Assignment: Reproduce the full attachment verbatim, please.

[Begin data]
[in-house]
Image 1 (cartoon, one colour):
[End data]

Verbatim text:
[in-house]
Image 1 (cartoon, one colour):